Don’t Miss Your Mark with Unrealistic Safety Goals

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Safety Goals Should be Challenging, Yet Realistic & Attainable

safety goals

Goals give us something to strive towards, which is often times motivating, helping us to meet goals and make new ones. Just like people, organizations need goals too, specifically safety goals. These goals need to be challenging for your organization, but they also need to be realistic. Having unrealistic goals will not only prevent you from meeting those goals, but it may also negatively affect some safety efforts that are already in place. Carefully crafting goals for your organization is essential to ongoing safety.

You may be wondering what an unrealistic goal might be. Take this for example: if you currently have 40% of staff receiving worker’s compensation and you want to lower that percentage, an unrealistic goal would be to have 10% of staff receiving worker’s compensation at the end of the year. Decreasing the amount of injured workers in that little of time is not realistic, especially for places like a healthcare setting. Instead, your attainable goal could be to decrease worker’s compensation by 10% this year, bringing your total percentage down to 30% in 12 months. This goal is much more attainable, but probably still somewhat challenging to meet and probably requires changing how staff look at hazards in the workplace.
As I said earlier, unrealistic safety goals can in fact undo some of your safety achievements. If you set an unattainable goal for your organization and motivate everyone to help meet this goal, they may forget about other safety points such as slips, trips and falls, or hazardous material safety. Any new goals you create should not be so big that they distract from other goals you’ve already met or are still striving to attain.
You may be wondering how you can keep goals attainable while also making them challenging. First and foremost, always create goals with others. One person creating goals for an entire organization can have negative implications. During end of year safety team meetings is a great time to get input from many people and departments on what types of goals should be set for the following year, keeping in mind goals that were met the previous year, close to being met, or were not met. By looking back at previous goals, it can give you a sense of the types of goals that are unattainable and perhaps help you make them more suited for your staff and organization.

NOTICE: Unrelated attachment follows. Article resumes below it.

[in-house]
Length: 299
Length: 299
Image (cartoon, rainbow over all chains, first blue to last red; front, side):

Finally, making goals attainable relies heavily on how they are written. Specific goals, and goals that include percentages are met more easily and are easier to measure. When writing goals, make them as specific as possible. Instead of saying, “This year we will reduce the amount of slips, trips and falls incidents,” say, “We will reduce the amount of slips, trips and falls incidents by 10% in the next 8 months.” Also include how you will meet your goals, such as, “We will reduce the amount of slips, trips and falls incidents by 10% in the next 8 months by holding monthly training sessions with staff on what to look for and how to report hazards in a timely manner.”

Unrealistic goals will cause you to miss the mark on your overall safety, and likely will cause some bumps along the way that could have negative implications. Remember when writing goals to include others and make your goals challenging, but not so challenging that they become unattainable. Like many things, effective goals are all about balance.

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